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A collective effort: European class action (finally) on the way, or is it?

13 March 2023

On 27 January 2023, the European Commission launched infringement proceedings against no less than 24 Member States for failing to transpose the so-called EU Representative Action Directive or "RAD" (EU) 2020/1828 of 25 November 2020 by the deadline of 25 December 2022.

This, one might say, European mishap has once again given rise to a lively discussion on class actions in the legal profession. The idea is to introduce a class action "for the protection of the collective interests of consumers" in all Member States. The aim of the European legislator is now to have the Directive implemented at least by the original application deadline of 25 June 2023. 

In general, class actions are legal proceedings in which a group of individuals take action against an organisation or a company on the basis of the same or similar claims and violations of rights.  Although the term "class action" is mostly used in a general way, technically there are two different systems for enforcing collective interests: One, in a class action, the claimants join together and conduct the litigation together. Two, in a representative action, like the RAD-action, a model case is conducted with a model or representative claimant, the results of which then also apply to the other affected parties.

The main aim of class actions is to reduce the costs for the individual claimants and to increase the probability of a positive judgement. On the one hand, a larger number of claimants is likely to exert a certain psychological pressure on the deciding court. On the other hand, pooling of resources can also lead to better litigation for all claimants. From the perspective of politics and the judiciary, there is in any case also an interest in processing "waves of lawsuits" in a uniform and thus resource-saving manner and in efficiently ensuring uniform jurisdiction and thus legal certainty.

Forms of class actions are already established in the legal system of many countries in the world, for example in the Commonwealth Realm in the United Kingdom, Canada, India and Singapore, in Asia in Thailand or in Africa in Nigeria. Of course, one needs to mention the USA, which is a self-proclaimed pioneer in collective legal protection. It is to be expected that with the acceleration of globalisation, the rapid increase in consumption and the associated increase in the risk of collective harm, class action for sure will become more and more relevant.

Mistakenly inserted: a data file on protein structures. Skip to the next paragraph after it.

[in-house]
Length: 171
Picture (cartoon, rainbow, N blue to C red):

Class actions in Europe

Despite the general trend towards class actions, there are still European jurisdictions that have so far resisted such mechanisms. Because of the RAD, Luxembourg, for example, will (have to) introduce class actions for the first time. In those Member States where consumer class actions were already provided for in a particular way, the transposition of the Directive may require only selective adjustments to the already existing national law. However, as national laws often differ fundamentally and are subject to very particular procedural principles, the individual transposition of the Directive may be significantly more complicated for other Member States.

The implementation of discovery mechanisms

One of the omnipresent topics of discussion in this context is Disclosure or Discovery. Discovery and disclosure mechanisms allow parties to a court case to exchange information and evidence. Article 18 of the RAD provides that, subject to national laws on confidentiality and principles of proportionality, either party may, if necessary, require the disclosure of evidence held by the other party or a third party. Although this applies to each of the parties, it cannot be denied that there might be a certain imbalance of power between the parties of consumer class actions, which has undoubtedly led to Article 18 being included in the Directive in this form for reasons of consumer protection. Discovery and Disclosure are mainly known from the US, which probably has the most liberal regulations in this respect and allows for comprehensive mutual discovery of evidence. In the UK and Nigeria, as well, discovery proceedings are an integral part of all civil proceedings. In South Africa they are mandatory by Supreme Court jurisprudence.